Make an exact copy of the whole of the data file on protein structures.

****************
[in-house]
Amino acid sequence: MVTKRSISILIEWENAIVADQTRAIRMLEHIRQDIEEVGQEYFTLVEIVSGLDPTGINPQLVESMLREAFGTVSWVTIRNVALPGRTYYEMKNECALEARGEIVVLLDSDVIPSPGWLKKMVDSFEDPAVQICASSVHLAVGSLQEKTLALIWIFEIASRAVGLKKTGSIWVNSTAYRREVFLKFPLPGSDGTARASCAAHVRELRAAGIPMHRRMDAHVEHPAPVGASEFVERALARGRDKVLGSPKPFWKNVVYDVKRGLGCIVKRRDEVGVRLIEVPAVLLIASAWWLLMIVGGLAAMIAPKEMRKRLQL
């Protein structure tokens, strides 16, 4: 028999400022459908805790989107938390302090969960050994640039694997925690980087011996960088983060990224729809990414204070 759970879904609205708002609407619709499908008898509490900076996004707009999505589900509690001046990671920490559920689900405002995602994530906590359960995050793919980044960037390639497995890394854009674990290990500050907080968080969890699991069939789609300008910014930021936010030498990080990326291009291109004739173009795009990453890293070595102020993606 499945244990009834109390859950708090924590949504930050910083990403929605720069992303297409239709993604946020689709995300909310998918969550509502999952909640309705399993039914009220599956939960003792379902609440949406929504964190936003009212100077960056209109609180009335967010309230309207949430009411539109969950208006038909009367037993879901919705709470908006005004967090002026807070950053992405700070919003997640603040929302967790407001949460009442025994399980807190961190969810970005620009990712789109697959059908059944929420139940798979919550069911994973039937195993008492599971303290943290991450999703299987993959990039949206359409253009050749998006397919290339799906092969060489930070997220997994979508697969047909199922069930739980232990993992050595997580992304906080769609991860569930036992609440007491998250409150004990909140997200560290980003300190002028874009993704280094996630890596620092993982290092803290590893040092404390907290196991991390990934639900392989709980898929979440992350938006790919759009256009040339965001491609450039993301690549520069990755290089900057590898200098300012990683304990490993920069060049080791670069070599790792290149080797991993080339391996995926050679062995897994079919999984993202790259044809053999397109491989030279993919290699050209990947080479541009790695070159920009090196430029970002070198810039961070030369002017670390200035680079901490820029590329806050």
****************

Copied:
[in-house]
Amino acid sequence: MVTKRSISILIEWENAIVADQTRAIRMLEHIRQDIEEVGQEYFTLVEIVSGLDPTGINPQLVESMLREAFGTVSWVTIRNVALPGRTYYEMKNECALEARGEIVVLLDSDVIPSPGWLKKMVDSFEDPAVQICASSVHLAVGSLQEKTLALIWIFEIASRAVGLKKTGSIWVNSTAYRREVFLKFPLPGSDGTARASCAAHVRELRAAGIPMHRRMDAHVEHPAPVGASEFVERALARGRDKVLGSPKPFWKNVVYDVKRGLGCIVKRRDEVGVRLIEVPAVLLIASAWWLLMIVGGLAAMIAPKEMRKRLQL
């Protein structure tokens, strides 16, 4: 028999400022459908805790989107938390302090969960050994640039694997925690980087011996960088983060990224729809990414204070 759970879904609205708002609407619709499908008898509490900076996004707009999505589900509690001046990671920490559920689900405002995602994530906590359960995050793919980044960037390639497995890394854009674990290990500050907080968080969890699991069939789609300008910014930021936010030498990080990326291009291109004739173009795009990453890293070595102020993606 499945244990009834109390859950708090924590949504930050910083990403929605720069992303297409239709993604946020689709995300909310998918969550509502999952909640309705399993039914009220599956939960003792379902609440949406929504964190936003009212100077960056209109609180009335967010309230309207949430009411539109969950208006038909009367037993879901919705709470908006005004967090002026807070950053992405700070919003997640603040929302967790407001949460009442025994399980807190961190969810970005620009990712789109697959059908059944929420139940798979919550069911994973039937195993008492599971303290943290991450999703299987993959990039949206359409253009050749998006397919290339799906092969060489930070997220997994979508697969047909199922069930739980232990993992050595997580992304906080769609991860569930036992609440007491998250409150004990909140997200560290980003300190002028874009993704280094996630890596620092993982290092803290590893040092404390907290196991991390990934639900392989709980898929979440992350938006790919759009256009040339965001491609450039993301690549520069990755290089900057590898200098300012990683304990490993920069060049080791670069070599790792290149080797991993080339391996995926050679062995897994079919999984993202790259044809053999397109491989030279993919290699050209990947080479541009790695070159920009090196430029970002070198810039961070030369002017670390200035680079901490820029590329806050």